Snowflake: Seriously Serious About Security

How Serious Are We About Security? Extremely.

No self-respecting security team is ever satisfied with the existing security controls it has in place. Some mistake this dissatisfaction as a personality disorder, referring to their security team members as “control-freaks” or “over-achievers”. Let’s face it: security professionals tend to be an eccentric group. However, for a truly committed and competent security team, this eccentricity is simply the symptom of the healthy paranoia that comes with being responsible for the protection of vital infrastructure and sensitive data.

Snowflake’s security team has channeled this paranoia into a program we call Seriously Serious Security Testing. There are several components of this program, including the audit of all the usual administrative and technical controls you would expect from a cloud company. However, where Snowflake’s eccentricity truly surfaces is in our embrace of the dreaded Penetration Test. Here are the highlights of Snowflake’s security testing program and the key role that penetration testing plays.

First: What is a Penetration Test?

A penetration test is a controlled attempt to exploit vulnerabilities to determine whether unauthorized access or other malicious activity is possible within the target environment. This is a requirement for PCI-DSS compliance, and is also considered best practice for any organization that takes security seriously. Snowflake engages globally-recognized experts to perform this activity within specific constraints and guidelines as described in the Methodology section below.

Frequency

Most companies avoid penetration tests altogether. Others perform them annually at best, which is the minimum frequency required to meet the standards and certifications their auditors tell them they need. What many auditors don’t challenge is whether or not adequate penetration testing has been performed after every “material change” to the company’s product or infrastructure. It’s unlikely that performing penetration tests annually would be sufficient in a cloud environment where most vendors take pride in the frequent deployment of new features and functionality (Snowflake is no different in this regard with releases several times a month, at least). Because of these frequent changes, it’s important to ensure your cloud vendors are performing frequent penetration testing to ensure no new vulnerabilities have inadvertently been introduced.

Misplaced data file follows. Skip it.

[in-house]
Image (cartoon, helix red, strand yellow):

Security Penetration Test - Frequency

source: https://www.rapid7.com/globalassets/_pdfs/whitepaperguide/rapid7-research-report-under-the-hoodie.pdf

Much to the irritation of our Operations and Engineering teams, Snowflake has performed more than 5 penetration tests in the past 6 months.

Why would we do this to ourselves? Because we want to know what our weaknesses are! The frequency with which we perform these tests provides Snowflake with the assurance that changes to the Snowflake service, as well as newly discovered vulnerabilities within other components of our environment, are not putting Snowflake or (more importantly) Snowflake’s customers and their data at risk.

Methodology

Another example of Snowflake Security’s paranoia is the approach we take with our penetration testers. Typical penetration testing engagements at Snowflake are designed to simulate the compromise of an employee’s or customer’s credentials by providing the tester with limited access to a non-production environment. Engagements run a minimum of two weeks and begin with providing the testers not only with the aforementioned credentials, but also with substantial information about the architecture, network design, and, when applicable, our application code. (This method is sometimes referred to as White Box Testing.) If, after a specific period of time, the testers have not been able to find an entry point, Snowflake gradually provides the testers with slightly more access until they are able to uncover vulnerabilities, or until the time is up.

Why would we divulge so much information? We want to know what ALL our weaknesses are! This provides us with visibility into what would happen if, for example, we had an insider attempting to gain unauthorized access to data. How far would they get? How quickly could we detect them? How would we contain them? And so on. The information is invaluable.

Security Penetration Test - Vulnerabilities

Most common vulnerabilities found by penetration testers

source: https://www.rapid7.com/globalassets/_pdfs/whitepaperguide/rapid7-research-report-under-the-hoodie.pdf

Transparency

The final example of Snowflake’s Seriously Serious Security Testing program is the highly unusual practice of sharing penetration test reports and remediation documentation with qualified prospects and customers (under NDA, transmitted securely, and with the promise of their first born if there is a compromise). By sharing our reports we are able to solicit additional feedback on ways to improve our testing.

I’ve been on both sides of the audit fence for years, and I’ve yet to find an organization as willing to share as much information about its penetration testing frequency and methodology as Snowflake. However, it comes as no surprise to anyone who has worked with Snowflake. Snowflake’s corporate culture is based on teamwork and collaboration, which spills over into Snowflake’s relationships with customers and vendors. We believe that transparency is the cornerstone to trust, and trust is the cornerstone to a healthy partnership between Snowflake and our customers. Providing the penetration test report and remediation evidence allows customers to see for themselves how seriously we take security, as well as how effective we are at achieving it. This allows our customers and prospects to make an informed decision about the risks they’re taking.

Conclusion

Security is a constantly moving target. Our team will never stop this extreme security testing of our infrastructure because threats are constantly evolving.

So…
Call us control freaks.